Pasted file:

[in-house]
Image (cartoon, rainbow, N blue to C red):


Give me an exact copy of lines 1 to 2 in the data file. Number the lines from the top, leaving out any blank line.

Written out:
[in-house]
Image (cartoon, rainbow, N blue to C red):